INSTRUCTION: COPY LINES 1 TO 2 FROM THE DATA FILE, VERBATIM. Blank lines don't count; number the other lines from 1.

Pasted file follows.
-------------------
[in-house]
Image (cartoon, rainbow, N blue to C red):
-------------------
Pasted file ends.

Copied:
[in-house]
Image (cartoon, rainbow, N blue to C red):